‘TIDE’ chandelier

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  • Literature

    Design Contre Design, exh. cat., Galeries nationales du Grand Palais, Paris, 2007, p. 319; Libby Sellers, Why What How: Collecting Design in a Contemporary Market, London, 2010, p. 101

  • Catalogue Essay

    Stuart Haygarth’s ‘TIDE’ chandelier is constructed of
    discarded desiderata, items of mass consumption now waste,
    exhausted of their utilitarian value, only to arrive on the
    coastline of Europe. These ersatz objects have been washed
    up by the tides, then collected and archived by the artist. The
    amassing of this debris is a work in progress and will continue
    to be an abundant source of material so long as this mass
    consumption becomes superfluous and ends up in our oceans.
    However familiar the items in the chandelier may appear, they
    have all in fact been stripped of their logos and branding. All
    such signifiers have been drowned at sea, leaving the bare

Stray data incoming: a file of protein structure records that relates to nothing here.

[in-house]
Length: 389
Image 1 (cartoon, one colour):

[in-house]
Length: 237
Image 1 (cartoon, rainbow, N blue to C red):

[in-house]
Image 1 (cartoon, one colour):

objects to be a collection of signs that can induce nostalgia or
    perplexity.

    The light within the chandelier is suspended like a celestial
    body holding its space debris in orbit. When the light radiates
    through this sphere of man-made ocean detritus it refracts as
    divinely as crystal. This merging of flotsam and jetsam into an
    art work creates a new light, the beauty of which illuminates
    the scale and the fragility of our oceans. As Arthur C Clarke
    wrote, “How inappropriate to call this planet earth when it is
    quite clearly Ocean”.

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‘TIDE’ chandelier

2004
Sourced objects, monofilament line, painted MDF.
210 cm (82 5/8 in) drop, 150 cm (59 in) diameter
From the edition of ten.

Estimate
£20,000 - 30,000 

Design

27 September 2011
London